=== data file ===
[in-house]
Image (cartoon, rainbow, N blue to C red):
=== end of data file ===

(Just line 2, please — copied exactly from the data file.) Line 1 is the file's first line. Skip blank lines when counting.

Image (cartoon, rainbow, N blue to C red):